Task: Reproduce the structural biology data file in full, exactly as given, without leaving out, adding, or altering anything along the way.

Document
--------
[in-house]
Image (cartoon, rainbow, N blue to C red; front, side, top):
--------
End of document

[in-house]
Image (cartoon, rainbow, N blue to C red; front, side, top):